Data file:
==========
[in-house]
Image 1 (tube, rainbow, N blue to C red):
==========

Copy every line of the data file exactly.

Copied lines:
[in-house]
Image 1 (tube, rainbow, N blue to C red):